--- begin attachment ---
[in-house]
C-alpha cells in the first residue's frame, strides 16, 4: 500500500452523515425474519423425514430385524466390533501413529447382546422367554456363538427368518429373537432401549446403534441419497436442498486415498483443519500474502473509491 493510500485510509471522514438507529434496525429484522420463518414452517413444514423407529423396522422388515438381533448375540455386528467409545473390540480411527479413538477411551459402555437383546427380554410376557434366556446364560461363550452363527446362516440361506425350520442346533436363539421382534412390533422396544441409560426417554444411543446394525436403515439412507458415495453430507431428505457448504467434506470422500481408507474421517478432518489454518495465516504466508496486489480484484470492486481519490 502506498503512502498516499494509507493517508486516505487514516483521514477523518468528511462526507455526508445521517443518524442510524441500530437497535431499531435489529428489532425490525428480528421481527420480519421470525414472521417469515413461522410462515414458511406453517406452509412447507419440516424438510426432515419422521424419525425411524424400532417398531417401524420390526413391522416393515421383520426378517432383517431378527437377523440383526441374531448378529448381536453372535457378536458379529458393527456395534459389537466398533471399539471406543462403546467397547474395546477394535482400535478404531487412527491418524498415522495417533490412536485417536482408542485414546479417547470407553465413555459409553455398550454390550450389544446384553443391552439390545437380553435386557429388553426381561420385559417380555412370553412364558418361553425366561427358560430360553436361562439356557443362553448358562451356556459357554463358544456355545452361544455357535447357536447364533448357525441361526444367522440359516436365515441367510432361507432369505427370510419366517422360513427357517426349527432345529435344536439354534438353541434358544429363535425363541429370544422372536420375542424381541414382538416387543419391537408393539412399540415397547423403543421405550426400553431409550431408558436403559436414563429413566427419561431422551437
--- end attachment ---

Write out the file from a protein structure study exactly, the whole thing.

[in-house]
C-alpha cells in the first residue's frame, strides 16, 4: 500500500452523515425474519423425514430385524466390533501413529447382546422367554456363538427368518429373537432401549446403534441419497436442498486415498483443519500474502473509491 493510500485510509471522514438507529434496525429484522420463518414452517413444514423407529423396522422388515438381533448375540455386528467409545473390540480411527479413538477411551459402555437383546427380554410376557434366556446364560461363550452363527446362516440361506425350520442346533436363539421382534412390533422396544441409560426417554444411543446394525436403515439412507458415495453430507431428505457448504467434506470422500481408507474421517478432518489454518495465516504466508496486489480484484470492486481519490 502506498503512502498516499494509507493517508486516505487514516483521514477523518468528511462526507455526508445521517443518524442510524441500530437497535431499531435489529428489532425490525428480528421481527420480519421470525414472521417469515413461522410462515414458511406453517406452509412447507419440516424438510426432515419422521424419525425411524424400532417398531417401524420390526413391522416393515421383520426378517432383517431378527437377523440383526441374531448378529448381536453372535457378536458379529458393527456395534459389537466398533471399539471406543462403546467397547474395546477394535482400535478404531487412527491418524498415522495417533490412536485417536482408542485414546479417547470407553465413555459409553455398550454390550450389544446384553443391552439390545437380553435386557429388553426381561420385559417380555412370553412364558418361553425366561427358560430360553436361562439356557443362553448358562451356556459357554463358544456355545452361544455357535447357536447364533448357525441361526444367522440359516436365515441367510432361507432369505427370510419366517422360513427357517426349527432345529435344536439354534438353541434358544429363535425363541429370544422372536420375542424381541414382538416387543419391537408393539412399540415397547423403543421405550426400553431409550431408558436403559436414563429413566427419561431422551437